This is the time of year when many people are starting to question and fail at their recently-formulated New Year’s resolutions. I, for one, have always found these resolutions a source of humor rather than one of change. It always seems that people either make them so vague that it is almost impossible to fail them (i.e. “eat more vegetables in 2018”- something not actually trackable) or they are so daunting that people will undoubtedly fail and then forego the resolution altogether.
I believe this toxic cycle of resolutions has made it more difficult for individuals to be successful with changes they want to make in their lives, and it is because of these preconceived notions that come with resolutions as well as the language used to make them.
Accompanying the aforementioned negative aspects of resolutions is the feeling of anxiety that accompanies the failure of achieving the set task. As a result, our sense of self-worth is lowered in response to not changing this characteristic that was supposed to be transformed. One cause of this is the language of absolutes.
The use of these statements that vow that they will always do something sets up the individual for certain failure. There are too many aspects that are out of our control to speak in absolutes. Even though you resolve to always go to the gym and work out three times a week, a bout of the flu or a particularly hectic schedule can easily derail this resolution.
Another problem with the language of resolutions is that it is often negative and is not focused on the process of achieving the resolution. If a person is using a resolution to change something negative in their life, it often can be one of two things. They are considering an aspect of themselves as negative when it is not necessarily negative in the first place, but the world around them has convinced them it is negative. Otherwise, this negative attribute is consuming them and they will constantly be focused on removing the negative rather than focusing on the positives that slowly come from removing that negative aspect of their life. Both will often result in failure at their resolution.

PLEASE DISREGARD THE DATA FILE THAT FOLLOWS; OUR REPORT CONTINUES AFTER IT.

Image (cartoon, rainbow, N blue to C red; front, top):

For these reasons, I would propose that one should focus on goals and the language used in this context rather than resolutions. This may seem insignificant, but I believe it has the potential to change one’s perspective as well as the success rate of one’s goals. A goal is something that should be measurable rather than something grand and unattainable. If there is an aspect of the goal that you can track, keeping a measurable record can spur one on in one’s endeavor.
One can also use these measurable aspects to make smaller goals and milestones while working toward a larger goal. Goals often have room for setbacks and adjustments, which allows for temporary failure. With this grace, a small failure while pursuing a goal will not completely derail someone. Goals are also something one should be comfortable with discussing with friends while having accountability at the same time. This can motivate individuals to stick with their goals in response to a friend keeping them accountable.
In the end, people inevitably want to be successful at changing different parts of their lives. So why not set oneself up for success rather than failure?